Shaping the future of learning using the student voice: we’re listening but are we hearing clearly?
Student voice data is a key factor as Manchester Metropolitan University strives to continually improve institutional technology enhanced learning (TEL) infrastructure. A bi-annual Institutional Student Survey enables students to communicate their experience of learning, teaching and assessment on programmes and specific units studied. Each cycle of the survey contains approximately 40–50,000 free text comments from students pertaining to what they appreciate and what they would like to see improved. A detailed thematic analysis of this data has identified 18 themes, arranged into six categories relating to the ‘Best’ aspects of courses, and 25 themes, arranged in seven categories in relation to aspects of courses considered to be ‘in need of improvement’. This student data was then used as a basis for semi-structured interviews with staff. Anecdotally, evidence suggested that student expectations and staff expectations around TEL and the virtual learning environment (VLE) differed. On-going evaluation of this work has highlighted a disconnect. In significant instances, academic colleagues seemingly misinterpret the student voice analysis and consequently struggle to respond effectively. In response to the analysis, the learning technologist’s role has been to re-interpret the analysis and redevelop TEL staff development and training activities. The changes implemented have focused on: contextualising resources in VLE; making lectures more interactive; enriching the curriculum with audio–visual resources; and setting expectations around communications.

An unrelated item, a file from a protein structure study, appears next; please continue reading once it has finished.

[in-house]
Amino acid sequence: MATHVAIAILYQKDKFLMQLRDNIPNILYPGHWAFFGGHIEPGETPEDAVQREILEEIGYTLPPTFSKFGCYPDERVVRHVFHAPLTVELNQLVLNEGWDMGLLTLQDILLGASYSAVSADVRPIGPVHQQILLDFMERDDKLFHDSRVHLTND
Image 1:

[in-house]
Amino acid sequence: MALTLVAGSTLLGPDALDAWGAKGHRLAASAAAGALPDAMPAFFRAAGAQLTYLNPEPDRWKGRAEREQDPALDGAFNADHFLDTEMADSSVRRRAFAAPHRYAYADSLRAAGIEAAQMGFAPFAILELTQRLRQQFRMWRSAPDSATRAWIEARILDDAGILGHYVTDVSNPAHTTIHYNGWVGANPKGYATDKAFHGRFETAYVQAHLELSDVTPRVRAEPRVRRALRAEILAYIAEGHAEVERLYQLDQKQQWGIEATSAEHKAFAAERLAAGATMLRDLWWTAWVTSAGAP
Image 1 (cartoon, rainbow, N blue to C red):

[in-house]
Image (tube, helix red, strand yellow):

(Published: 21 November 2016)
Citation: Research in Learning Technology 2016, 24: 30146 - http://dx.doi.org/10.3402/rlt.v24.30146
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